While I don't know much about South Korea history, this is clearly an important historical site. I saw the gate in various postcards which prompted me to go see it, it is rather smaller in real life than it appears in photos.

Gyeongbokgund Palace (The palace greatly blessed by heaven)

The site was the original site for the royal palace back in 1395, but it has been torn down and rebuilt a couple of times since then. First by the Japanese around 1592 during the Hideyoshi invasion and then again destroyed during the Japanese occupation. It was originally built when the dynasty moved from Gaegyeong to Seoul, as such it used to occupy the center of the city.

Unfortunately while the site and buildings are fascinating this is a classic example of how the experience at such touristic sites is reduced by the large crowds. The view of the inner part of the palace (throne hall) shown on the right is only achieved by "fighting" ones way through crowds attempting similar photographs. I was there on a Saturday, perhaps it is busier then due to the addition of local visitors.

There is a major shopping/market street close to the palace, but frankly the stores flip between selling cheap nasty trinkets to the other extreme, lovely works of art but with more than a matching price tag. But if you are looking for something special and have the budget then you'll find it here.

Dongdaemum Market

These markets are much more interesting and there's a flea market a few blocks away, it is sign posted on the roads. A canal runs down the middle, on one side there is a strip of pet/animal stores. Everything you could want from iguanas to eagles, mice to ferrets. The other side of the canal is mostly clothing, of the cheap variety. Lots of fun walking around these markets even though I doubt many visitors actually buy anything.

In this region there are also streets of specialist stores. One street is largely metalworks, wire, locks, hooks, fences, pins, anything industrial you can imagine made by a metalworker.

Gangbyeon Techno Market

This sounded like a place to find the latest gadgets, not so. While it isn't clear in the photo, the first 4 or 5 floors are occupied by camera stores, the top 2 or 3 are almost exclusively mobile phones. These are also very large floor areas, in the case of the cameras each 3rd store or so was selling the same brand. There are only a certain number of products that Canon say, sell and each store seemed to have the whole range of cameras and lenses. I really don't see how a particular store distinguishes itself, none of them were particular busy. Similarly for the mobile phones, literally hundreds of outlets each with hundreds of phones for sale, there can't possibly be that number of different models and brands.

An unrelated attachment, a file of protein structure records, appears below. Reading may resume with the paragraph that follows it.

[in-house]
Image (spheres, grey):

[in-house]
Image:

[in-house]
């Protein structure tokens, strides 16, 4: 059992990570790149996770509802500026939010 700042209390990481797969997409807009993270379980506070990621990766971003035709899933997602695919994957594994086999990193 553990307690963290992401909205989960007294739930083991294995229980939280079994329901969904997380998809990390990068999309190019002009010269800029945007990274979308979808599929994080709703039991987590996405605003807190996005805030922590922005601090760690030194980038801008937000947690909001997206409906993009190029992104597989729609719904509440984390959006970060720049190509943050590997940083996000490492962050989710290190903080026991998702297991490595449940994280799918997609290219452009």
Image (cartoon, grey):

Tastefully promotion adorned shops across the road from the Techno Market.

Custom Motorbikes

Some of the additions to the motorcycles to allow them to carry heavy loads were amusing. I saw a few with large boxes on the back, it certainly didn't look very comfortable for the driver.


Drink vending machines litter street corners and the train stations. Its hard to work out what any drink is so it's mostly pot luck. They seem to be in two extremes, either sickly sweet or very bitter. There is another common machine that dispenses hot or iced tea and coffee.

I've heard of this before in Thailand but still wasn't tempted. "Dr Fish" sounds like the title of a James Bond movie.

Seeming endless streets for shopping are not hard to find.

Nothing new here for cities in Asia, long stretches of apartment blocks.

Day 2, December 2010

Winter in Seoul is a serious prospect, -4 degrees and it seems much colder in the wind. Visiting during this time should be reconsidered if you plan to spend time outside.

A delightful temple (Bongeunsa), near the COEX conference centre but the atmosphere seems like a million miles away from the mad rush of the city. The complex was first founded in 790 AD and is one of the more traditional Buddhist temples in Korea.

The large statue most prominently visible from the street is Mireukdaebul, she symbolises the hope that Mailreyawill arrive to save humankind. It is the largest statue of Buddha in Korea.

For just 7000 won (about AUS7$) you can get a decent meal at the (typically) underground food courts, in this case the COAX mall.

Panoramic view from COEX international hotel, dusk.

Same view after sunset.

Interesting parking concept, three cars deep.